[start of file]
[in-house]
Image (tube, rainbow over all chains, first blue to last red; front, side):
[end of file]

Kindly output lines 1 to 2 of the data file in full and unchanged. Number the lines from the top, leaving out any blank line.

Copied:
[in-house]
Image (tube, rainbow over all chains, first blue to last red; front, side):